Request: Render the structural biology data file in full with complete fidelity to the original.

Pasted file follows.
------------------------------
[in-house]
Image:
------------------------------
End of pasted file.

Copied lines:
[in-house]
Image: